Lady GaGa's LaLa Land, Ctd
In an extensive must-read Alaskan fact-check of Palin's book, Craig Medred finds:
"Going Rogue," Page 35: "Together Al and Lena (Todd Palin's grandparents) helped start the Bristol Bay fishery in the 1930s, drifting for salmon from sailboats..."
FLAT-OUT WRONG. According to a history compiled by a Bristol Bay author for the conservation group Trout Unlimited, "The fishery began in 1884 when San Francisco businessman Carl Rohlffs organized the Arctic Packing Company and built the first cannery on the Bay at the Native village of Kanulik across the Nushagak River from present day Dillingham. The first commercial pack of canned salmon was only about 400 cases or 6,000 fish." According to a history of the fishery done by Ray Hillborn of the University of Washington, "by 1912, 19 canneries and 1,083 sail-powered gillnet boats harvested and canned over 20 million salmon annually." That's about two decades before Palin claims Todd's grandparents pioneered the fishery.
My email to Adam Bellow about whether "Going Rogue" was fact-checked remains unanswered. (What's he gonna say?) But what's fascinating about Medred's Alaskan fact-checking is the broader picture it paints: of a woman always prepared to make stuff up on the spot and even in print on matters that can easily be independently checked. This is the strange pattern I noticed very early on and catalogued in the "Odd Lies Of Sarah Palin" series. Medred concludes:
It is tempting to go on picking apart the other 270-or-so pages of "Going Rogue" in this manner, but I couldn't do it. It felt like piling on. It was clear by this point the reporting in the book was, at best, horribly sloppy, or, at worst, that Palin needs to heed her own demand: "Stop making things up."
The most incredible stories are those about her own family. Her completely ludicrous stories of her fifth pregnancy and labor are not alone in being beyond anything but religious belief. Medred notes this doozy:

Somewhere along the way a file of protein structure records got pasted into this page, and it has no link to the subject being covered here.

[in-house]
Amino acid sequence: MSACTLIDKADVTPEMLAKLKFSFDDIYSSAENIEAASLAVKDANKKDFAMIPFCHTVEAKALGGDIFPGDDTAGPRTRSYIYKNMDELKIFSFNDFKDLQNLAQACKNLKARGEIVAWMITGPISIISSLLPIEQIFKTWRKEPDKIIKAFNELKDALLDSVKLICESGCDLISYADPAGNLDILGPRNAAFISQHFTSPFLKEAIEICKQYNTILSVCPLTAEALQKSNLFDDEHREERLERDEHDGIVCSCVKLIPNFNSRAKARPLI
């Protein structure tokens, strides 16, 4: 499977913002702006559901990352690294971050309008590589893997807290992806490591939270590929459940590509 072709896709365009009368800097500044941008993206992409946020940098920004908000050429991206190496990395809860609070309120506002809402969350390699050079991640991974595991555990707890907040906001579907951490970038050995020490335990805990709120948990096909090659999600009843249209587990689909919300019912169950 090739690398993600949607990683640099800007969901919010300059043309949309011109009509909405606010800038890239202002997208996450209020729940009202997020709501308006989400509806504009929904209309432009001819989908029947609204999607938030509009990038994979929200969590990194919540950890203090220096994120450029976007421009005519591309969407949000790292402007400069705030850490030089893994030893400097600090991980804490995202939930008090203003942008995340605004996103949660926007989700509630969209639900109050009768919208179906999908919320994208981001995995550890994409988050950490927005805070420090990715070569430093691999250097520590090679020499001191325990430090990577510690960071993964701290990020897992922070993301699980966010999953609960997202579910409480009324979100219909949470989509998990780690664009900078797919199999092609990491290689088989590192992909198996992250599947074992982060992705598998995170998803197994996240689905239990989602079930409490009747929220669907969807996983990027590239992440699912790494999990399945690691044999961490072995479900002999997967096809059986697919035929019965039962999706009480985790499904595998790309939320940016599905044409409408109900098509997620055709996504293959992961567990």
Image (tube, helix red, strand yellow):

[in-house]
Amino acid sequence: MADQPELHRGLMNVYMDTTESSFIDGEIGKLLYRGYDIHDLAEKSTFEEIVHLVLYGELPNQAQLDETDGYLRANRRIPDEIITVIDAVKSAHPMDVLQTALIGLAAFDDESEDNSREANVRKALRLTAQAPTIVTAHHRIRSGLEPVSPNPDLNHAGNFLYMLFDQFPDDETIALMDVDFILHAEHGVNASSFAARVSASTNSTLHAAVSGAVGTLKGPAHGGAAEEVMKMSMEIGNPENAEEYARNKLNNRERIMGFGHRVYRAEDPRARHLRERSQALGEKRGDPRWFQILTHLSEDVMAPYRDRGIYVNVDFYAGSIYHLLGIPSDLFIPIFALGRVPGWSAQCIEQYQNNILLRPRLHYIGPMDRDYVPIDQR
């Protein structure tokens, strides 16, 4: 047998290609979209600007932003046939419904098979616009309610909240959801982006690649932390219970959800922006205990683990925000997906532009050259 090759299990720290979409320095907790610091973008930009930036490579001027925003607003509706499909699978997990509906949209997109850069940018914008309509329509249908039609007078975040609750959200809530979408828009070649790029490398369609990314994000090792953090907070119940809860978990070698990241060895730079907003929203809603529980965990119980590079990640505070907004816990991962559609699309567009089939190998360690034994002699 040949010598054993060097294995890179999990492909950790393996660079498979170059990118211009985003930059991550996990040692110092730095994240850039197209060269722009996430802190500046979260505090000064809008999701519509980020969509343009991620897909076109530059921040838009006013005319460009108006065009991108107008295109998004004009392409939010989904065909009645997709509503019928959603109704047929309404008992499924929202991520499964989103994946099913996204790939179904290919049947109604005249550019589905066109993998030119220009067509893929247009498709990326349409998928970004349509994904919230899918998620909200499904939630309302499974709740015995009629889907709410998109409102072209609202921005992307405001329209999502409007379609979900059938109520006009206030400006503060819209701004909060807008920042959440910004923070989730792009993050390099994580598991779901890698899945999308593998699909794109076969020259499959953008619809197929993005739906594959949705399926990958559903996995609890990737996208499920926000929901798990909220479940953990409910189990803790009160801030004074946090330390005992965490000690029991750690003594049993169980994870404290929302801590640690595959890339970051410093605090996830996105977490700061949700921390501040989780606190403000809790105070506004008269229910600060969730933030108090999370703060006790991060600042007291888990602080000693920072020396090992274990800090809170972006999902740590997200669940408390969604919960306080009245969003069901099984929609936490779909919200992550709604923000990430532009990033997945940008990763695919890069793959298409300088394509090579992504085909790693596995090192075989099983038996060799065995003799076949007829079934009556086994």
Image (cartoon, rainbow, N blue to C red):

"I was alerted to threats against Willow by students at her Juneau school, one particularly disturbing," Palin writes. "Someone posted a note on an Internet set site threatening to gang-rape her at school. I never felt safe for her after that. Later the same thing happened to Bristol."
Is this true? (Are we supposed even to ask such an empirical question of "Going Rogue"?) If it was, why did Palin not call the cops?
Is she not a pit-bull in defending her children? She is more outraged in the book by her lie that some reporters asked Piper some questions than that Willow and Bristol were threatened with gang-rape! Then this from Medred:
There are a couple things I really would like to have asked Palin or Stapleton after reading the governor's claim that the "first official event (at the governor's mansion) was a dinner for friends and family that was interrupted by a leak dripping water through the ceiling onto the grand piano. We had buckets under ceilings for two years until Todd helped track down leaks and repairs were finally finished."
Did they really have a bucket on the grand piano in the governor's mansion for two years? Did it really take Todd Palin, a guy who can fix a snowmachine outside at 40 degrees below zero, two years to track down a leak? Did anyone think about calling a plumber?
It's like asking why a woman whose water has broken and who is experiencing contractions at eight months with a special needs child wouldn't go to an emergency room. She's either lying or embellishing through her teeth or is bent on risking the safety of her child or is a total lunatic. Those are your options. Believing her story as she tells it simply isn't an option.
You can live in a rational world and ask rational questions, but you soon realize you're dealing with a disturbed individual who shouldn't be allowed custody of a child let alone a nation. I've tried to make sense of this book. It cannot be done. It's a tissue of lies, truths, half-truths, fantasies, grievances, and hilarious references to Plato and Aristotle. It's a joke, as she is. And yet this joke is, to my mind, the likeliest Republican nominee for president in 2012. And one of the most common reasons people cite for supporting her is her honesty.
Think of what that says about America in 2010.